Very few times in ones life are we actually absolutely correct. Perspectives vary, reasoning changes and at times, we change. To keep an open mind is crucial when viewing a situation, not just to roll with it, but be both critical and objective with where we currently are in our lives.
Every day, we often strive to be correct. The definition of correct certainly differs from person to person, so I have began to feel the importance of not just being right, but being wrong as well. To not walk the boundaries and limits for the sake of doing so, but so that I may be able to closer define my own version of correctness. I may have judged a situation correctly, but I handled it poorly. I was correct in my assumption, but I was wrong as to the why behind the what. I was right, but it turned out wrong. A lot of people beat themselves up for being wrong, and most people chastise themselves as a result. We begin to see confidence having diminishing returns as we continue to hold onto the wrong that we’ve experienced in the past. We all know that it will be through failures that the largest lessons tend to arise, but we still fall prey to the allure that comes from being right.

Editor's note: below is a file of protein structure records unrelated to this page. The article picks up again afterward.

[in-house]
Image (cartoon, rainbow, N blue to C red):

We all know the saying, “If this is wrong, then I don’t want to be right!” I’ve got a belief that people regret because they made a right/best decision that didn’t turn out the way they’d hoped. It’s why I personally do not regret. I know that I will make mistakes, that I will be wrong and that when I am, I’m glad because I am wiser for it. I am unafraid of the results because consequences are for purposeful wrong doing. So, why was I wrong? Because I was attempting to do right.